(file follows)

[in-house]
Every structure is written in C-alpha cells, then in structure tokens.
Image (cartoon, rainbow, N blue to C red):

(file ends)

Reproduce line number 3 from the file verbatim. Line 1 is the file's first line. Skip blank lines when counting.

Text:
Image (cartoon, rainbow, N blue to C red):